A BURGLAR who smashed his way into a house wielding a meat cleaver told the terrified family inside: “Get back, or I’ll chop you up.”
Sheffield Crown Court heard Connor Burgin (20) threatened a man and his two step-daughters after bursting through the back door of their home in Thurcroft.
Burgin, who was with an accomplice, told them: “We have come for the money in the tin.”
Mr Ed Moss, prosecuting, said the robber — who was masked and holding the 12-inch cleaver — told one of the women: “If you don’t get the money, I’m going to chop your dad into pieces.”
He then held a knife to her throat while he made her search drawers upstairs for money.
Burgin told her: “Don’t call 999 or I’ll cut your f***ing throat”, Mr Moss said.
Burgin’s accomplice took £5,000 from a drawer and was heard on CCTV to say: “It’s not all there.”
Mr Moss said the cash taken in the raid — at about 1.45pm on February 15 — was savings the family intended to put towards university fees.
Burgin, of Rotherham Road, Dinnington, and his accomplice, who has not been caught, fled in a Ford Fiesta with fake plates.
The registration number was circulated among the police and the Fiesta was spotted later that day on West Bawtry Road in Rotherham, said Mr Moss.
The car sped off and tried to head down an alleyway but stopped when it crashed into a gate.
The court heard the passengers had fled on foot but Burgin, who had tried clambering over the driver’s seat to get out, had been caught.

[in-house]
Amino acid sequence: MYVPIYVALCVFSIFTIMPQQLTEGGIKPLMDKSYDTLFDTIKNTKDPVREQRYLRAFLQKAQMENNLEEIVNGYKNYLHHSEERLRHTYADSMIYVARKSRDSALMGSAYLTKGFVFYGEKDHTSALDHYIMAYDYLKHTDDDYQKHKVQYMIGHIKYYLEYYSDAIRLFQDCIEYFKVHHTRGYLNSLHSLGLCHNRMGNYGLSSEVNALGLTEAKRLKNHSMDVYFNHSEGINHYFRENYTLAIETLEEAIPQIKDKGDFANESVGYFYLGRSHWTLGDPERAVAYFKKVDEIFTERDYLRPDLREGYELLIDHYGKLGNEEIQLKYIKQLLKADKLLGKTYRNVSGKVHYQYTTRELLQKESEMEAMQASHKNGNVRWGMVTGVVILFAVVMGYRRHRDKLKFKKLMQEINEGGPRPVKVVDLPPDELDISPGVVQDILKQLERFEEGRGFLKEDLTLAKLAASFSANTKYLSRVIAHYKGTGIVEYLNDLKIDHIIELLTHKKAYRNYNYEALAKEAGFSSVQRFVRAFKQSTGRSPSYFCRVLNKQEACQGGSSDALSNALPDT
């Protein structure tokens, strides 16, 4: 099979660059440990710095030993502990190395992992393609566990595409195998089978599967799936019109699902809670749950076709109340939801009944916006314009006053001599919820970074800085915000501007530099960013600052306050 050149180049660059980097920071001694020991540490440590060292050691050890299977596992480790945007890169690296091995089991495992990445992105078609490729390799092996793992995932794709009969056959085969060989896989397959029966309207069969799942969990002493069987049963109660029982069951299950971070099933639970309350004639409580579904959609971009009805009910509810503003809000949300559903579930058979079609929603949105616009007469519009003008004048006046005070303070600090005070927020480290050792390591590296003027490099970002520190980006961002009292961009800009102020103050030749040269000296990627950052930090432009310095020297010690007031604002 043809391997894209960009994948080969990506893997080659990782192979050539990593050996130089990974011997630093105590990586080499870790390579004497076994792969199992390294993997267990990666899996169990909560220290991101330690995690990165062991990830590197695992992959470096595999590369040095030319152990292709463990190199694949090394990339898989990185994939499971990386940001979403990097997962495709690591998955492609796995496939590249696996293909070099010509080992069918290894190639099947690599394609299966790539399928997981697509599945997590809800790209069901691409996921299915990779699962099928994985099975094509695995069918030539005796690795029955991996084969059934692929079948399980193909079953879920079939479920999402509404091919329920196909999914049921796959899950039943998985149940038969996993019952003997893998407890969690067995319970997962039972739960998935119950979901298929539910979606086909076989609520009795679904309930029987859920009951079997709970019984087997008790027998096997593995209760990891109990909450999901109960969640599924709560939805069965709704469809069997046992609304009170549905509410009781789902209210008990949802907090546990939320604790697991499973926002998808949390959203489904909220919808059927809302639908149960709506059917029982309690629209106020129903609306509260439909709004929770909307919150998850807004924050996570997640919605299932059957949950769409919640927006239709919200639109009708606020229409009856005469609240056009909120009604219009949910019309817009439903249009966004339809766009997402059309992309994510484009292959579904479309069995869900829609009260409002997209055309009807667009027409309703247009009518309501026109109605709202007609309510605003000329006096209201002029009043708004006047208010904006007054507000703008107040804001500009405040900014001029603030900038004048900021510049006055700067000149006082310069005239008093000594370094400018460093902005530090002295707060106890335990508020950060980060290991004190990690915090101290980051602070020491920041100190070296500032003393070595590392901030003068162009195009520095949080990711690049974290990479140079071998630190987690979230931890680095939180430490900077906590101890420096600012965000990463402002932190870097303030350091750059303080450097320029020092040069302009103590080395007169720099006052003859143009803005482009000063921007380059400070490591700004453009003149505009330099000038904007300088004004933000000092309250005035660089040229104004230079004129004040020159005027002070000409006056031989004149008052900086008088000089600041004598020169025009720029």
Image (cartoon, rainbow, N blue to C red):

Officers searched the car and found £1,866 in cash along with a balaclava and the sledgehammer used to break into the house.
Both stepdaughters told police that they no longer felt safe in their own home.
Burgin, who had four previous convictions for 11 offences, admitted aggravated burglary and possession of an offensive weapon.
Mitigating, Mr Richard Barradell said there had been others involved in the burglary and Burgin had gone along trying to impress them.
“The reality is he was showing off in front of the others, who, he tells me, are older and more criminally sophisticated,” said Mr Barradell.
He said Burgin bitterly regretted what he had done.
Judge Graham Reeds, who jailed Burgin for eight years and four months, told him: “You are a young man, but you are well on your way to becoming a serious, violent criminal.”
He said Burgin had taken part in a “well-organised and ruthless” attack on an innocent family.
“Your actions caused significant trauma to these victims,” he added.
Judge Reeds said if Burgin had been older, he would have locked him up for 15 years.